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Crister Ceberg



Evaluation of intensity-modulated electron FLASH radiotherapy in a clinical setting using veterinary cases


  • Elise Konradsson
  • Rebecka Ericsson Szecsenyi
  • Gabriel Adrian
  • Mizgin Coskun
  • Betina Børresen
  • Maja Louise Arendt
  • Kevin Erhart
  • Sven Å.J. Bäck
  • Kristoffer Petersson
  • Crister Ceberg

Summary, in English

Purpose: The increased normal tissue tolerance for FLASH radiotherapy (FLASH-RT), as compared to conventional radiotherapy, was first observed in ultra-high dose rate electron beams. Initial clinical trials in companion animals have revealed a high risk of developing osteoradionecrosis following high-dose single-fraction electron FLASH-RT, which may be related to inhomogeneities in the dose distribution. In the current study, we aim to evaluate the possibilities of intensity-modulated electron FLASH-RT in a clinical setting to ensure a homogeneous dose distribution in future veterinary and human clinical trials. Methods: Our beam model in the treatment planning system electronRT (.decimal, LLC, Sanford, FL, USA) was based on a 10-MeV electron beam from a clinical linear accelerator used to treat veterinary patients with FLASH-RT in a clinical setting. In electronRT, the beam can be intensity-modulated using tungsten island blocks in the electron block cutout, and range-modulated using a customized bolus with variable thickness. Modulations were first validated in a heterogeneous phantom by comparing measured and calculated dose distributions. To evaluate the impact of intensity modulation in superficial single-fraction FLASH-RT, a treatment planning study was conducted, including eight canine cancer patient cases with simulated tumors in the head-and-neck region. For each case, treatment plans with and without intensity modulation were created for a uniform bolus and a range-modulating bolus. Treatment plans were evaluated using a target dose homogeneity index (HI), a conformity index (CI), the near-maximum dose outside the target ((Figure presented.)), and the near-minimum dose to the target ((Figure presented.)). Results: By adding intensity modulation to plans with a uniform bolus, the HI could be improved (p = 0.017). The combination of a range-modulating bolus and intensity modulation provided a further significant improvement of the HI as compared to using intensity modulation in combination with a uniform bolus (p = 0.036). The range-modulating bolus also improved the CI compared to using a uniform bolus, both with an open beam (p = 0.046) and with intensity modulation (p = 0.018), as well as increased the (Figure presented.) (p = 0.036 with open beam and p = 0.05 with intensity modulation) and reduced the median (Figure presented.) (not significant). Conclusions: By using intensity-modulated electron FLASH-RT in combination with range-modulating bolus, the target dose homogeneity and conformity in canine patients with simulated tumors in complex areas in the head-and-neck region could be improved. By utilizing this technique, we hope to decrease the dose outside the target volume and avoid hot spots in future clinical electron FLASH-RT studies, thereby reducing the risk of radiation-induced toxicity.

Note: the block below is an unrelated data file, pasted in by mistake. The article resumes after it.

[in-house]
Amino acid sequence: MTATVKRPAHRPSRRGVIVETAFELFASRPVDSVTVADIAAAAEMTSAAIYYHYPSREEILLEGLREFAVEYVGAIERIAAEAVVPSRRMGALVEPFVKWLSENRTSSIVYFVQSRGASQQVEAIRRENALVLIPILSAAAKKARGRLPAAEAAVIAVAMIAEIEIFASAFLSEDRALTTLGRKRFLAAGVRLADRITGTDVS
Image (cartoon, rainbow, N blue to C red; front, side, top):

• Medicinsk strålningsfysik, Lund
  • Radiotherapy Physics
  • Strålterapi
  • LUCC: Lunds universitets cancercentrum
  • Medicinsk strålningsfysik, Malmö
  • Rausinglaboratoriet i Lund - Tumörsektionen
  • LU profilområde: Ljus och material








Medical Physics






Artikel i tidskrift


American Association of Physicists in Medicine


  • Radiology, Nuclear Medicine and Medical Imaging


  • conformity
  • electrons
  • homogeneity
  • treatment planning




  • Radiotherapy Physics
  • Medical Radiation Physics, Malmö
  • Rausing laboratory of Lund - Tumor section


  • ISSN: 0094-2405